At your core you knew that, as soon as the knob of a bat was dragged in the Fenway clay, Ben would be on the other side:

“I think Bobby wishes he had expressed the sentiment to Kevin first…I think an apology was appropriate even though it wasn’t Bobby’s intent [to criticize Youkilis],” Cherington said.

Shortly after the comments went public, you said: “There’s a perception that I’m going to criticize players in the paper or the press. So as soon as I (say) something that’s construed as criticism, it’s going to be misinterpreted.” Really, Bobby? Really?

You’re Bobby Valentine and you were absolutely right: There was a definite perception that you were going to “criticize players in the paper or the press.”  Yes, you were fully aware of that, and you even publicly recognized that tendency at your introductory press conference:

"“I hope I’ll change for the better…I’ve had bad experiences that I hope I’ve learned from…”"

But, like the junkie with all the best intentions, who had convinced himself that he had his addiction “under control,” you signed on for weekly appearances on local and national interview shows and talked to anybody with a microphone or pad.

You’re Bobby Valentine and, although there was plenty of room on the sidewalk to walk around it, you performed an act of self-destruction, seduced by your ego’s addiction to attention, and you stepped right into that tempting and familiar pile of steaming dog shit.

You read Richard Justice [columnist for], who was optimistic about your fate:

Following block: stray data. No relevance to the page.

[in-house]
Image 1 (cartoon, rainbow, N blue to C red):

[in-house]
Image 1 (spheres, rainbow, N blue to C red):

“If there’s a true silver lining, it’s that there are 152 games remaining, and Valentine has plenty of time to rebuild the trust that was broken between him and his players. One of the oldest and truest clichés in sports is that winning cures everything. The Red Sox will have the next five months to prove it.”

But, while you may not be able to control your ego’s need for attention, you are a very intelligent human being and you know there can be no “silver lining” in a shit storm. You knew that this would end badly, when scrappy Dustin Pedroia said:

"“I really don’t know what Bobby’s trying to do, but that’s not the way we go about our stuff around here…He’ll figure that out. The whole team is behind Youk.”"

Then, asked if you were trying to motivate Youkilis, Pedroia said, “Maybe that works in Japan.”

You’re Bobby Valentine and you are too smart not to “get it.” You realize that, during the ten years you were away from The Show, the millionaire patients have completely taken over the Selig Asylum and, now, your best career choice is to parlay your vast baseball knowledge, intellect, and desperate need for public attention, by performing behind the ESPN desk on Baseball Tonight.

You are a literary man and you have likely read the volume of essays by the died-too-young, brilliant author, David Foster Wallace, entitled Consider The Lobster.

You’re Bobby Valentine and you know that once a lobster squirms through that small hole in the trap, he cannot reverse course; his fate is sealed. As a self-proclaimed gourmet chef, you know how to cook a lobster, proper.

Yet, you chose to dance on the rim of the pot of boiling water with the self-proclaimed self-awareness that one mis-step would mean you were doomed to land “in hot water” and, within fifteen minutes, you had to know that you would be “cooked.”

You’re Bobby Valentine and you must know that the cover has been placed over the pot and that not a single  Red Sox fan in New England can hear your voice anymore; the citizens of Red Sox Nation can only hear that familiar desperate scratching sound.

Up “they-yah” and Down East, folks know that, to people “from away,” it sounds like a scream when the lobster hits boiling water. But, Sox fans in New England know, the lobster isn’t screaming; it’s just the sound of air, expanding as it heats, that last gasp of hot air rushing from the heedless lobster’s body.

OOOOOOOOOOOOOOOOOOOOOOOOOOOOOOOOOOOOOOOOOOOOOOOOOOOOOOOOOOOOOOOO For all the latest news and analysis from BoSox Injection, follow us on Twitter, Facebook, or with our RSS feed.